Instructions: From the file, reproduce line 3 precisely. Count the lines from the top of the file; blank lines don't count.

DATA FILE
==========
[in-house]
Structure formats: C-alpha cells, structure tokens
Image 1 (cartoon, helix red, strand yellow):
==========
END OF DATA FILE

Image 1 (cartoon, helix red, strand yellow):